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CHP investigates imported case of measles infection
     The Centre for Health Protection (CHP) of the Department of Health (DH) is today (August 25) investigating an imported case of measles infection and reminded the public that vaccination is the most effective way to prevent measles.

     The case involves a 20-year-old man with good past health. He developed fever, sore throat, cough and myalgia since August 10 and skin rash on August 13. He visited a private doctor on August 13 and 15. He attended the Accident and Emergency Department of North Lantau Hospital on August 15 and was later transferred to Princess Margaret Hospital for treatment. He is in a stable condition and was discharged yesterday (August 24).

     His blood sample tested positive for immunoglobulin M (IgM) antibodies to measles virus upon laboratory testing. The patient reported that he has received measles vaccinations.

     According to information provided by the patient, he travelled to Indonesia during the incubation period and did not have contact with measles patients. One of his household contacts, who had travelled with the patient, developed fever and cough yesterday while other household contacts remained asymptomatic. They have been put under medical surveillance.

     Upon notification of the case, the CHP immediately commenced epidemiological investigations and conducted relevant contact tracing. Investigations are ongoing.

     "Vaccination is the most effective way to prevent measles. Members of the public who are planning to travel to places with a high incidence or outbreaks of measles should review their vaccination history and past medical history, especially people born outside Hong Kong who might not have received a measles vaccination during childhood. Those who have not received two doses of measles-containing vaccines, with unknown vaccination history or unknown immunity against measles, are urged to consult their doctor for advice on vaccinations at least two weeks before departure," a spokesman for the DH said.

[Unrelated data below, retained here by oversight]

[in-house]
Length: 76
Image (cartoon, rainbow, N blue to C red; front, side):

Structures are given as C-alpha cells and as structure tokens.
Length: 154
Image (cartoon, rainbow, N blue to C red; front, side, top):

Measles is a highly infectious disease caused by the measles virus. It can be transmitted by airborne droplets or direct contact with nasal or throat secretions of infected persons, and, less commonly, by articles soiled with nose and throat secretions. A patient can pass the disease to other persons from four days before to four days after the appearance of a skin rash.

     The spokesman advised, "The incubation period (the period from infection to appearance of illness) of measles ranges from seven days to 21 days. Symptoms of measles include fever, skin rash, cough, runny nose and red eyes. If symptoms arise, members of the public should wear surgical masks, stop going to work or school and avoid going to crowded places. They should also avoid contact with non-immune persons, especially persons with weakened immunity, pregnant women and children aged below 1. Those suspected to have been infected are advised to seek medical attention as early as possible and reveal relevant contact history of measles to healthcare professionals."

     Besides being vaccinated against measles, members of the public should take the following measures to prevent infection:
  • Maintain good personal and environmental hygiene;
  • Maintain good indoor ventilation;
  • Keep hands clean and wash hands properly;
  • Wash hands when they are dirtied by respiratory secretions, such as after sneezing;
  • Cover the nose and mouth while sneezing or coughing and dispose of nasal and mouth discharge properly;
  • Clean used toys and furniture properly; and
  • Persons with measles should be kept out of school till four days from the appearance of a rash to prevent the spread of the infection to non-immune persons in school.

     ​For more information on measles, the public may call the 24-hour health education hotline 2833 0111 or visit the CHP's measles thematic page. For news of measles outbreaks outside Hong Kong, please visit the website of the DH's Travel Health Service.
Ends/Friday, August 25, 2023
Issued at HKT 17:00
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